The Decemberists’ Terrible, Beautiful New Album

The past year has taught me that bands should never come back from hiatus. The Foo Fighters and Fall Out Boy have both released their albums since going on hiatus within the past six months, both of which were underwhelming to say the least.

The Decemberists are another band that has recently returned from hiatus and, like the Foo’s and Fall Out Boy, I have mixed feelings on their return.

The Decemberists are an American band whose musical genres range from progressive rock to modern-folk Americana, and their hyper-literate songs have ranged in subject from Japanese folk tales (“The Crane Wife Parts 1, 2 and 3”) to infanticide (“The Rake’s Song”)  to revenge-murder inside a whale (“The Mariners Revenge Song”).

Despite the variations in sound and subject, the Decemberists have held constant the use of concept albums, narrative song structure and a commitment to musicianship in storytelling. These qualities make the band both refreshing and magical at the same time. Unfortunately, their new album “What a Terrible World, What a Beautiful World” is lacking in all of these qualities to a degree.

However, this album is good in the sense that The Decemberists off their game are still more talented than most other bands out there, and this is the album’s saving grace. That being said, this album as a whole falls short of the caliber of quality expected of them

The lack of concept in the album is its crux. There are few bands who make successful concept albums and The Decemberists make absolutely beautiful ones, which is partially why their albums stand out among the noise of alternative rock.

The songs don’t flow together naturally and there is a lack of unified sound or underlying story. A lack of constraint can be good for creativity, but the effect of the free flowing structure resulted in an album that is sporadic, haphazard and even klutzy in nature. A change in song order could have helped the song flow, which would tremendously help the album.

At the song level, the album has some of the most beautiful and some of the worst songs The Decemberists have ever created. The songs can be classified into three categories — self-indulgent, throwback narrative and traditional songs.

The two self-indulgent songs on the album, “The Singer Addresses His Audience” and “Anti-Summersong,” are hollow both musically and lyrically. They are off-putting and drag the remaining tracks down with them.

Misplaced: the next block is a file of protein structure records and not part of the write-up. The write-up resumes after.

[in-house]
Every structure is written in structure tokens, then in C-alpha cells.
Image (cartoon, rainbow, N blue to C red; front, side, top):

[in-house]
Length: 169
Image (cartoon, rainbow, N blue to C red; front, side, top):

The throwback narrative songs harken back to the song structure on The Decemberists’ previous albums. On this album, there are allusions to Tennyson in “Calvary Captain,” a lusty and raunchy song about oral sex in “Philomena” and a tale about the guardians of the fountain of youth in the “Till The Water’s All Long Gone.” These songs are where the Decemberists are at their best. They aren’t however as lethal or macabre as songs in the previous album where there are only two narrative songs about death (“Easy Come, Easy Go” and “Better Not Wake The Baby”).

The music of these songs enhances the storylines within them. The raunchy lyrics of “Philomena” is perfectly juxtaposed with a sing-song melody. The music of “Cavalry Captain” soars triumphantly with the lyrics elevating the mood of the album highlighting the song within it.

The more traditional songwriting is a distinct shift from their narrative style. These songs are more introspective in nature. They are harrowing, full of heart and radio-friendly. The core of this albums heart can be found in the songs “Make You Better” and “12/17/12.”

“Make You Better” is a radio-ready track about the hope of love and the cynicism that follows when love fades. The other song “12/17/12” is about the aftermath of the Sandy Hook shootings in Newtown Connecticut.

“What a Terrible World, What a Beautiful World” is an amazing album in and of itself, but in the context of the Decemberists’ more unique previous work, it is just mediocre. Nonetheless, I am glad the Decemberists are back from hiatus and hopefully their next album will be up to their usual snuff.

ONLY RECOMMENDED IF: Even at their worst, The Decemberists are one of the best bands with some of the most artfully-crafted songs in music today.